« ElőzőTovább »
evidence of knowledge to propound a useful question seasonably, as well as to answer it solidly.
Doubts well raised do lock,
The speaker to thee, and preserve thy stock. * It is our great loss that we can make no better use of one another; unimproved society is the bane of Christian converse, for when we meet one another, and trifle away time without advantage, it increaseth our guilt, and discourageth our hearts, for we are apt to say, we will meet no more, because our coming together is for the worse and not for the better, for many times our spirits are embittered by exasperating contentions. But O sirs, when you meet together purposely, or accidentally, improve your time in some holy discourses. Spend not all your fleeting hours about news or worldly affairs, but set afoot some religious talk. Talk sometimes as Christians, as well as men and chapmen. Let somebody begin and break the ice. Many are apt enough to cast down the bone of contention; do you present the marrow of religion, that you may edify one another. Sit not together as mutes, or as men of the world, discoursing about matters of state or trading, or of the weather, or your ages, which was Pharaoh's question to Jacob, † and that to his sons was of the like import; but if there be ever a wise man among you, fetch some spark from heaven, and throw it amongst your companions, that every one may bring his stick to the fire, and by the bellows of mutual love, it may be raised to a flame, that thereby your hearts may be warmed, and even burn within you, as did the hearts of the two travelling disciples by Christ's opening to them the Scriptures; and then record and lay up what you have got in profitable conversation. Thus was the book of Proverbs collected, and hereby you might fill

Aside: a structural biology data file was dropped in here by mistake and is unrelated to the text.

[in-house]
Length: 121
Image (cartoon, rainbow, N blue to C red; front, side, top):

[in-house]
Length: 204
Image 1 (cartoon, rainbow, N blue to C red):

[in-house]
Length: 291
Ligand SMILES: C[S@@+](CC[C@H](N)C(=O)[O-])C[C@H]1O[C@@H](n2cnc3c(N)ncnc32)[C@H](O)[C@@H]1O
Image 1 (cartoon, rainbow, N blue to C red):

* Herb. Church-porch, p. 11.
+ Gen. xlvii.
books and memories with useful observations; yet, take this caution, let not your end be to hear stories and notions, nor yet only polemical discourses, to furnish your heads with arguments for all subjects and companies, but let your principal end be to get your hearts bettered, grace strengthened, lusts weakened, lives reformed, consciences resolved. Oh, the advantage you may have by Christian society! You may get good by others, do good to others; yea, observe it, your profitable discourses with others will reflect upon yourselves with advantage. Scholars find that conference rubs up their memories, revives their reading, and in a sort, gives them the mastery over their notions, and imprints them deeper within them, when almost obliterated. Hence a famous scholar did return many thanks, to one that was many degrees below him, for affording him so fair`an opportunity of private discourse; and a Jewish Doctor could say, he had learned much from his masters, more from his equals, but most of all from his scholars, hence their proverb, "I have learned by teaching."* Experience doth tell us that having to do in others' doubts, temptations, desertions, corruptions, directs us how to deal in our own cases; therefore, I advise you, be not shy in helping the weak, because thereby you do a double service to yourselves and to others, by one act or motion of your lips feeding others, and digesting your own food. Besides, this Christian communion being God's institution, is seconded with his benediction, and gracious acceptance. The members of Christ's mystical body, speaking the truth in love, † or truthing it in love, as the word imports, do grow up into him in all things, even Christ the head, and so that which is lacking in one joint, is made
* Docendo didici.
+ See Eph. iv. 15, 16. ̓Αληθένοντες δὲ ἔν ἀγάπῃ.